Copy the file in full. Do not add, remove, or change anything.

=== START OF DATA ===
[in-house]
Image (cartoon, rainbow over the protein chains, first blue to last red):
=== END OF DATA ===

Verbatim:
[in-house]
Image (cartoon, rainbow over the protein chains, first blue to last red):